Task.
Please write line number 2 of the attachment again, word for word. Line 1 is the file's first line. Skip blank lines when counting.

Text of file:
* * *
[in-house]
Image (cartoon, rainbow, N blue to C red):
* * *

Image (cartoon, rainbow, N blue to C red):